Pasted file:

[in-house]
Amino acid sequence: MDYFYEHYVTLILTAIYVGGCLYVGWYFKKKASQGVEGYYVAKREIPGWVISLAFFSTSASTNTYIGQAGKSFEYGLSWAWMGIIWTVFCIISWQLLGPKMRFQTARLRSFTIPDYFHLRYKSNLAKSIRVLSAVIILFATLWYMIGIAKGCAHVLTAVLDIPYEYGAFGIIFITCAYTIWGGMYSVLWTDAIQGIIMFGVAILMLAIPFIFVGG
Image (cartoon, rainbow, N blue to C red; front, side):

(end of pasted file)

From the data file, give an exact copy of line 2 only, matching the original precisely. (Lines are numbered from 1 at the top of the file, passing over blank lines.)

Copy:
Amino acid sequence: MDYFYEHYVTLILTAIYVGGCLYVGWYFKKKASQGVEGYYVAKREIPGWVISLAFFSTSASTNTYIGQAGKSFEYGLSWAWMGIIWTVFCIISWQLLGPKMRFQTARLRSFTIPDYFHLRYKSNLAKSIRVLSAVIILFATLWYMIGIAKGCAHVLTAVLDIPYEYGAFGIIFITCAYTIWGGMYSVLWTDAIQGIIMFGVAILMLAIPFIFVGG